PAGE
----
JONATHAN COHN APRIL 27, 2011
Discussion of the House Republican budget has focused mostly on the privatization of Medicare, the block-granting of Medicaid, and the repeal of the Affordable Care Act. And that’s appropriate, given the magnitude of the changes and widespread impact they would have. But those proposals are obscuring some other proposed shifts that, in any other context, would be plenty troubling for their own sake. This week I'll highlight five of them. On Monday, I talked about radical changes to the Supplemental Nutritional Assistance Program (SNAP). On Tuesday, I talked about raising the eligibility for Medicare. Today I look at the weakening of financial reform.
For the most part, we can measure the impact of the House Republican budget by thinking about the dollars not spent--i.e., the hundreds of billions of dollars that Paul Ryan and his allies would take away from Medicare, food stamps, and other vital programs. But some of the budget’s provisions have less to do with spending levels and more to do with regulatory authority.
The most obvious and important of these is a proposal to eliminate a key feature of the Dodd-Frank financial reform bill and, in the process, weaken the government’s ability to prevent another financial crisis.
The Dodd-Frank law gives the government authority to subject certain large, complex financial institutions to additional regulation, on the theory that their collapse could have such profound effects on the rest of the econmy. In addition, the Dodd-Frank law puts in place a legal process that would allow the Federal Deposit Insurance Corporation, or FDIC, to place failing financial firms into receivership and put them through an orderly break-up when normal bankruptcy procedures won’t work. It’s the same sort of authority FDIC has long held for taking over and then dissolving failing banks.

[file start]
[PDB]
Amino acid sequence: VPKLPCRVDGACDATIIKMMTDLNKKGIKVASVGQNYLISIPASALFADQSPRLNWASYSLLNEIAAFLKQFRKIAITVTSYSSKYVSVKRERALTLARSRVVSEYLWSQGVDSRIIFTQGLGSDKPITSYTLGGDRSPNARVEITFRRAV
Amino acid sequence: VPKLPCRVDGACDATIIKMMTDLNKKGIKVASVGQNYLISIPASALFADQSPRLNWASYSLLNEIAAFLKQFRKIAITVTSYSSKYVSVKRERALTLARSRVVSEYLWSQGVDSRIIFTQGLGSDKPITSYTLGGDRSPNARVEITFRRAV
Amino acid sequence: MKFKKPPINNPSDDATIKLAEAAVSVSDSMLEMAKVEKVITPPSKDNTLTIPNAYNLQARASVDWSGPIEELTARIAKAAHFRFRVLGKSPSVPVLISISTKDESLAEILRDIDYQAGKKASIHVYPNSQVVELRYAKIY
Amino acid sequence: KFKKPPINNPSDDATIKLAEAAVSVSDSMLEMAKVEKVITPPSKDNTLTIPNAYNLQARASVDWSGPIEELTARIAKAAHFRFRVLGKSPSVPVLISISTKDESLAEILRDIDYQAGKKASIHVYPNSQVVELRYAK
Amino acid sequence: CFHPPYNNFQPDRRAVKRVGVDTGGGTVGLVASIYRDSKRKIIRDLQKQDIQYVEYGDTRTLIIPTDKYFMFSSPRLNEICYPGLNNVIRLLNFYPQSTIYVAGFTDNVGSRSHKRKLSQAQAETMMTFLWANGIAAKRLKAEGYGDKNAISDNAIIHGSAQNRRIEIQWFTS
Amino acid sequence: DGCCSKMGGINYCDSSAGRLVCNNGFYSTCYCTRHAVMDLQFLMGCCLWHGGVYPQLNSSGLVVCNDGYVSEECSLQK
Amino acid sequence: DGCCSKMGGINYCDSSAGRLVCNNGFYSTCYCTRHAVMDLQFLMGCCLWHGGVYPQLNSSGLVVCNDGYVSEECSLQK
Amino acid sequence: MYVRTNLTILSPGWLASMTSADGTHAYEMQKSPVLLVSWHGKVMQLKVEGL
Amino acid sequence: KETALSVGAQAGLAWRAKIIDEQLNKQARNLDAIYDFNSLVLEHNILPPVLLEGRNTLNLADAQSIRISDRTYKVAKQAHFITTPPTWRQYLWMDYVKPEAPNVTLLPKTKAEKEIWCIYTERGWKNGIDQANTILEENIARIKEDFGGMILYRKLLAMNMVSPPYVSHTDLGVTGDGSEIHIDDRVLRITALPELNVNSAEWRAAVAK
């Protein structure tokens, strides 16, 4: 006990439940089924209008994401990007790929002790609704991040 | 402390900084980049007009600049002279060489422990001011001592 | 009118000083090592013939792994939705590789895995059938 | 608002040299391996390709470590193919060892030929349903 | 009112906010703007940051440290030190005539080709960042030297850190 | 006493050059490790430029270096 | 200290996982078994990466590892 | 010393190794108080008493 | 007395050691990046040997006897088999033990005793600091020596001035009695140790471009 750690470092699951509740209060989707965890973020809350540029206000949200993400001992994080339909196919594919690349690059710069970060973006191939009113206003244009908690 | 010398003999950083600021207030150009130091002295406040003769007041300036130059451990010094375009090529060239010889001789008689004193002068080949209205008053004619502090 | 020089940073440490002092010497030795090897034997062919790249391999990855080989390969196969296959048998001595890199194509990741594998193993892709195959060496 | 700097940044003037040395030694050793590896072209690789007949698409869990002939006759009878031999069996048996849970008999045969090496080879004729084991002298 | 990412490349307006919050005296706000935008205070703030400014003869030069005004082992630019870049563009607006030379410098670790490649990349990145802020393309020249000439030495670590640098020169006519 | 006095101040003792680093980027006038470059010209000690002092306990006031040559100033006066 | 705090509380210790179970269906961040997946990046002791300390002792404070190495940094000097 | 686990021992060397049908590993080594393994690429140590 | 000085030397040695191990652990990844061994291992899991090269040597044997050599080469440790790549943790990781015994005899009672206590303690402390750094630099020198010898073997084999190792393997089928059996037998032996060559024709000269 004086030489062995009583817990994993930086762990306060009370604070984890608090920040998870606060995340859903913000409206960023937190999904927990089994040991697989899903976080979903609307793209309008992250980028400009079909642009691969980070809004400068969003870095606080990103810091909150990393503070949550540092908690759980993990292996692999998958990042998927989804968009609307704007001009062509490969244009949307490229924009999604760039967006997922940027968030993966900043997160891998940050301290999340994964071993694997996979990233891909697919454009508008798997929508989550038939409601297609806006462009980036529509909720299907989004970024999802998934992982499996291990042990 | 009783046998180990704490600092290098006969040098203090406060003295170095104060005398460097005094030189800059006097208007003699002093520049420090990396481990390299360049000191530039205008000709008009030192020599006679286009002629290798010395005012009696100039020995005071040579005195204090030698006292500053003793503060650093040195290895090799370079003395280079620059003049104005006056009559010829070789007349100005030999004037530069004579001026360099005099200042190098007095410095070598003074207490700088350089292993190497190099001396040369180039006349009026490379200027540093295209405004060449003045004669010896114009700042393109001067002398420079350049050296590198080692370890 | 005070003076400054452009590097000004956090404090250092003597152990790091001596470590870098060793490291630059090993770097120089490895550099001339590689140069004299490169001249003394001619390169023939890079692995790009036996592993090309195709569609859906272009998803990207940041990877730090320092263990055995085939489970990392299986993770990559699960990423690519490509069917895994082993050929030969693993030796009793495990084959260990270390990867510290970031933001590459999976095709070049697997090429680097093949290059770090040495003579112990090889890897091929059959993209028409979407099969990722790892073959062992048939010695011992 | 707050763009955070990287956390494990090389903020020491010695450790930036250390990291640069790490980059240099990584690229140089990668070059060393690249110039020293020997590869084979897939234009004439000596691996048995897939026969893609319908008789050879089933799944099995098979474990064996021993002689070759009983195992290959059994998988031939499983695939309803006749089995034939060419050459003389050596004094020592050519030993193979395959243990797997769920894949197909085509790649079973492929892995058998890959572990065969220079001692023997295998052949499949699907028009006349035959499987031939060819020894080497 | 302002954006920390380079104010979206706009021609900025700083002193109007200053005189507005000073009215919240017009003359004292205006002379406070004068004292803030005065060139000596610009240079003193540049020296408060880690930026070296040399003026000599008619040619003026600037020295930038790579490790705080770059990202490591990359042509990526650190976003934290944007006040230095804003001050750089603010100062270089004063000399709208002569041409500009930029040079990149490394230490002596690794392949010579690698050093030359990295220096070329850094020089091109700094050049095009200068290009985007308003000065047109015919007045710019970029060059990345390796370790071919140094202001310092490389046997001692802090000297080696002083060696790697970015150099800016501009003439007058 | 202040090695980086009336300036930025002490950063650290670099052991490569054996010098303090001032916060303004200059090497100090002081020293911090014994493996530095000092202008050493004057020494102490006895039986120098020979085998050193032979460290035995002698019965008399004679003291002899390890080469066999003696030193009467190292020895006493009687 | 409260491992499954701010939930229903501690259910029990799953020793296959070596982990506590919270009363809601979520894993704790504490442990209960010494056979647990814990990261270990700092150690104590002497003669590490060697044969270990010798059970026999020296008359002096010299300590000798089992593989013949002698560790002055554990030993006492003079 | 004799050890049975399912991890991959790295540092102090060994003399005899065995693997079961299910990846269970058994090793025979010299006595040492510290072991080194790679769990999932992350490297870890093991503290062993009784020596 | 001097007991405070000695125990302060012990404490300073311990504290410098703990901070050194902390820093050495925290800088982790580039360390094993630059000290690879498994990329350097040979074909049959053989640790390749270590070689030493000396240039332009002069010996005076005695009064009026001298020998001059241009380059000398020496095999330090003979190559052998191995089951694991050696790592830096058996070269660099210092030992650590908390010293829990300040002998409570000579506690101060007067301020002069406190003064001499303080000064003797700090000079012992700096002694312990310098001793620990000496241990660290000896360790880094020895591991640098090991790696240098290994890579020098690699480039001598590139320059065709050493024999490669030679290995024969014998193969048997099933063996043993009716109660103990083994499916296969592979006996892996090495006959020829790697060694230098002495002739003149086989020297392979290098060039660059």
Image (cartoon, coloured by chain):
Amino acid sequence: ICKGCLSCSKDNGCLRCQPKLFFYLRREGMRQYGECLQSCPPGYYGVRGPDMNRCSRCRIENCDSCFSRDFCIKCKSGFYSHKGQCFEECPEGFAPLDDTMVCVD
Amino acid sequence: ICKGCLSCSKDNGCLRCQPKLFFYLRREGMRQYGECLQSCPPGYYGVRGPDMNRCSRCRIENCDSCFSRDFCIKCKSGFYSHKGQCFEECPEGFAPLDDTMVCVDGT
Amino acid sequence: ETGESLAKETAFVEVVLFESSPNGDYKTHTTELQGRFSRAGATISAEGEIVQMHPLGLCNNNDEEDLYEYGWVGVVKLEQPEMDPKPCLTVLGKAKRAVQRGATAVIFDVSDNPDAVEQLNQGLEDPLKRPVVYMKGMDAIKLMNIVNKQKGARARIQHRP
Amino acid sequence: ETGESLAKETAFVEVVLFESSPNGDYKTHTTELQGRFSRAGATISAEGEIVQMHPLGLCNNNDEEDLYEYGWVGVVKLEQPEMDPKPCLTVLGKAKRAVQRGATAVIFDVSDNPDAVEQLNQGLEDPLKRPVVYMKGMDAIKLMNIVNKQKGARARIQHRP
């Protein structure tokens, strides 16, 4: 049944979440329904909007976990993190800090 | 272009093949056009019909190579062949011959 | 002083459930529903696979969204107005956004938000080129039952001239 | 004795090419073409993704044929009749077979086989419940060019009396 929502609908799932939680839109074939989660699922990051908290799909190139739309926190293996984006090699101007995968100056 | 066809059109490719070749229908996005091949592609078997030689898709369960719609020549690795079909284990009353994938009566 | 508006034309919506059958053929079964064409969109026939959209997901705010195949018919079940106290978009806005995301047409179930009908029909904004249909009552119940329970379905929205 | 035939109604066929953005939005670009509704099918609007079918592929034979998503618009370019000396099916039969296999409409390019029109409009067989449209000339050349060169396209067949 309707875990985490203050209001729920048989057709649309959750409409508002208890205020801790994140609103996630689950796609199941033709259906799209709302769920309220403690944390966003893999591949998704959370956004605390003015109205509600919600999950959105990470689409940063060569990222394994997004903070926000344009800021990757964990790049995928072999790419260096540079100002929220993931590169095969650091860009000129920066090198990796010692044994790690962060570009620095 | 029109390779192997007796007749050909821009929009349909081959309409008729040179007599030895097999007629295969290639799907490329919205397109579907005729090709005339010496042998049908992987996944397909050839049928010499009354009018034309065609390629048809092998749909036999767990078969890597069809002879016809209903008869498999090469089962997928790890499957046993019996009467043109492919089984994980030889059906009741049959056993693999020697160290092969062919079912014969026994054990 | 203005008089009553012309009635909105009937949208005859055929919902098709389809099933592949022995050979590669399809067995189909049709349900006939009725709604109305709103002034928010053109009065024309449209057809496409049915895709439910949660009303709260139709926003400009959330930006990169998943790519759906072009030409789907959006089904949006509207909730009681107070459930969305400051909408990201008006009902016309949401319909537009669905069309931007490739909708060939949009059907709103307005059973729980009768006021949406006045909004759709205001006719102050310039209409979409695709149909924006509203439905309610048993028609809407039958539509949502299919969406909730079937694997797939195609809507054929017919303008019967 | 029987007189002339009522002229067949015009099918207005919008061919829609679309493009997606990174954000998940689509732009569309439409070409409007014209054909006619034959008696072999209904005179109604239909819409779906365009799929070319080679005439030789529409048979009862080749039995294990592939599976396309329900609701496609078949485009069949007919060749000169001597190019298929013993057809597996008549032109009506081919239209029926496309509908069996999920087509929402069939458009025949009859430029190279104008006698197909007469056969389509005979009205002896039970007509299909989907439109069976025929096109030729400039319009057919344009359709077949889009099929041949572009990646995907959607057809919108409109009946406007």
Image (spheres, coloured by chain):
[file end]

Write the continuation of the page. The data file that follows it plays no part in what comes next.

From the very beginning of the debate, Republicans have attacked this proposal. And while their arguments aligned almost perfectly with those of the financial industry, the Republicans insisted they were merely looking out for the taxpayers. Dodd-Frank, Republicans said, would give Washington “permanent bailout authority” and create a “perpetual taxpayer bailout of Wall Street.”
The phrases seemed to be lifted straight from a Frank Luntz public opinion memo and, like so many Luntz slogans, represented more or less the opposite of the truth. A major difficulty during the financial crisis was the government’s inability to manage the dissolution of large financial firms in an orderly way. When the big investment houses were on the verge of collapse, the feds really had just two choices: Take over the firms altogether, putting taxpayer dollars on the line, or let them go under. Lehman Brothers got the latter treatment and, well, we all know how that story turned out. Credit markets froze, the economy came to a standstill, and lawmakers decided they couldn't afford to let another big firm collapse.
You needn’t take my word for this. Earlier this week, the FDIC released a report on how it might have handled the Lehman crisis if, at the time, it’d possessed the sort of authority the Dodd-Frank law now gives it. The report predicted that FDIC could have managed the sale of Lehman to another firm, Barclays, and obtained a better deal for both taxpayers and investors. "While there remains no doubt that the orderly liquidation of Lehman would have been incredibly complex and difficult," FDIC said, "it would have been vastly superior for creditors and systemic stability in all respects."
FDIC Chairman Sheila Blair was a staunch, vocal advocate for giving her agency these new powers, so perhaps you'd expect FDIC to say such things. But Blair is no radical. As the Roosevelt Institute's Mike Konczal notes, she used to be counsel to Bob Dole, the former senator and Republican presidential nominee. Nor is Blair's view an isolated one. Henry Paulson, who was Bush's Secretary of the Treasury during the Lehman crisis, told Aaron Ross Sorkin of the New York Times that "We would have loved to have something like this for Lehman Brothers. There’s no doubt about it."
To be clear, even supporters of Dodd-Frank concede this new resolution authority probably wouldn't work on the very biggest institutions, like Citibank or J.P. Morgan. In those instances, the government would face the same, unappealing choice between collapse and bailout. That's one reason my (much better informed) colleague Noam Scheiber, among others, argued so strenuously for even stronger regulation.
But Dodd-Frank is at least a step in the right direction. Take it away, as the Republican budget would, and costly bailouts become more likely, not less. In that sense, I guess, this really is about government spending after all.